The Satanic Temple, based in Salem, Massachusetts, has filed a lawsuit against the state of Indiana over a new abortion ban that has been codified into law. Satanists are making a string of claims about the impact such restrictions have on women — as well as Satanists’ general religious freedom rights.
Indiana’s new law precludes abortions outside of cases threatening the life or long-term health of the mother, fetal abnormalities, or in matters of rape or incest.
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A Discussion About Property Rights
W. James MacNaughton, an attorney for The Satanic Temple, told WISH-TV women should retain control over what happens with their pregnancies, citing property rights in making his case.
“Because you own, in the property sense, your uterus then you have the right to control its disposition as a matter of property law,” MacNaughton told the outlet.
The lawsuit itself builds off this premise, assigning no human value to the unborn.
“All of the involuntarily pregnant women who are (temple) members believe the fetal tissue they carry in their uterus – from conception until viability – is part of their body and not imbued with any humanity or existence,” the complaint reads, in part.
The document later proclaims, “The property right of an Involuntarily Pregnant Woman to exclude or remove a Protected Unborn Child from her uterus cannot be taken by the State of Indiana without just compensation pursuant to the Takings Clause of the Fifth Amendment to the U.S. Constitution.”
Satanic Abortion Ritual
The Satanic Temple filed its lawsuit Sept. 21 in U.S. District Court in Indianapolis, with the document focusing on “involuntarily pregnant” women who experience failures with birth control.
One of the most controversial elements of the lawsuit is the claim the abortion ban is a violation of the Indiana Religious Freedom Restoration Act, with The Satanic Temple reportedly claiming its “Satanic abortion ritual” is disallowed and, thus, arguing the ban runs afoul of religious freedom measures.
“When a member of TST has an unwanted pregnancy, she exercises her religious beliefs as expressions of Tenets III and V by engaging in the Satanic Abortion Ritual,” the lawsuit reads. “The Indiana Abortion Ban effectively prohibits the exercise of the Satanic Abortion Ritual.”
The lawsuit includes information on The Satanic Temple’s “Satanic Abortion Ritual,” which is essentially advice on how to help free oneself from any judgment and to find affirmation in the abortion process.
“The Satanic abortion ritual provides spiritual comfort and affirms bodily autonomy, self-worth, and freedom from coercive forces with the affirmation of TST’s Seven Tenets,” a description reads. “The ritual is not intended to convince a person to have an abortion. Instead, it sanctifies the abortion process by instilling confidence and protecting bodily rights when undergoing the safe and scientific procedure.”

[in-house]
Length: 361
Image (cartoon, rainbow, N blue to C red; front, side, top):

You can read more about that process here.
Compensation and Servitude
“Compensation” and servitude are also themes in the complaint, with WISH-TV reporting that the group argues an abortion ban violates constitutional rights, including the Thirteenth Amendment.
The text of that amendment reads, “Neither slavery nor involuntary servitude, except as a punishment for crime whereof the party shall have been duly convicted, shall exist within the United States, or any place subject to their jurisdiction.”
MacNaughton addressed this issue of compensation and servitude in his interview with WISH-TV.
“You provide it with blood, you provide it with oxygen, warmth, nutrients, hormones, but you’re not getting paid for it,” MacNaughton said of the unborn. “That is involuntary servitude.”
Beyond that, MacNaughton focused on the supposedly religious elements underpinning the ban on abortion. He charged the government with adopting “a religious standard for medical care” and said the idea that “human life begins at conception” is religious in nature.
“It’s the exercise of a religious belief that a fetus or an embryo is not an individual human being separate in part from the mother but simply a part of your body,” he said. “And if it is an unwanted part of your body, you have to exclude it. You have to remove it.”
But a spokesperson for Indiana Attorney General Todd Rokita released a statement Tuesday noting the U.S. Supreme Court, after overturning Roe v. Wade earlier this year, determined abortion isn’t a protected right.
“This new lawsuit merely offers weaker arguments for the same discredited right,” the spokesperson said, according to the Indy Star.
The Satanic Temple makes an important distinction about its beliefs in the complaint, noting it “venerates, but does not worship, the allegorical Satan.”
Thus, the organization falls under what some might call “atheistic Satanism.”
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